The fragments of the Star Catalogue are the oldest known to date and bring major advances in its reconstruction. Firstly, they refute a widespread idea that Claudius Ptolemy’s Star Catalogue is merely a “copy” of Hipparchus’ as the observations of the four constellations are different. Furthermore, Hipparchus’ data are verified to the nearest degree, which would make his catalogue much more accurate than Ptolemy’s, even though it was composed several centuries earlier.
For the research team, this major discovery sheds new light on the history of astronomy in antiquity and on the beginnings of the history of science. Read more.
Methane-eating microbes found assimilating microbes from other organisms
Researchers have found that a methane-consuming microbe called Methanoperedens has genes assimilated from many organisms that allows them to consume methane and greenhouse gases at an increased metabolic rate.
In a study published in Nature, the researchers describe the curious collection of genes within these microbes that they call Borgs
Methanoperedens are a type of archaea — unicellular organisms that resemble bacteria but represent a distinct branch of life — that break down methane in soils, groundwater, and the atmosphere to support cellular metabolism.
Along with other methane-consuming microbes, Methanoperedens live in diverse ecosystems around the world but are believed to be less common than microbes that use photosynthesis, oxygen, or fermentation for energy.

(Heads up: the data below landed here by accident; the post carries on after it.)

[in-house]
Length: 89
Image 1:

Yet they play an outsized role in Earth system processes by removing methane — the most potent greenhouse gas — from the atmosphere.
Methane traps 30 times more heat than carbon dioxide and is estimated to account for about 30 per cent of human-driven global warming.
The gas is emitted naturally through geological processes and by methane-generating archaea; however, industrial processes are releasing stored methane back into the atmosphere in worrying quantities. Read more.
Ostrich-like dinosaurs roamed in ancient North America
Scientists from North Carolina Museum of Natural Sciences have discovered fossils of an ostrich-like dinosaur called Ornithomimosaurs which grew to enormous sizes in ancient eastern North America.
During the Late Cretaceous Period, North America was split by a seaway into two landmasses: Laramidia to the west and Appalachia to the east. However, fossils from Appalachia are rare, and therefore ancient ecosystems from this region are poorly understood.
In this study, the team described new fossils of Ornithomimosaur dinosaurs from the late Cretaceous Eutaw Formation of Mississippi.
Ornithomimosaurs, the so-called “bird-mimic” dinosaurs, were superficially ostrich-shaped with small heads, long arms, and strong legs. The new fossils, including foot bones, are around 85 million years old, which makes them our rare glimpse into a poorly-known interval of North American dinosaur evolution.
By comparing the proportions of these fossils and the patterns of growth within the bones, the team determined that the fossils likely represent two different species of Ornithomimosaurs, one relatively small and one very large.
They estimate the larger species to have weighed over 800kg, and the individual examined was likely still growing when it died. This makes it among the largest Ornithomimosaurs known.
These fossils provide valuable insights into the otherwise poorly understood dinosaur ecosystems of Late Cretaceous eastern North America. They also shed light on Ornithomimosaur evolution. Giant body sizes and multiple species living side-by-side are recurring trends for these dinosaurs across North America and Asia. Read more.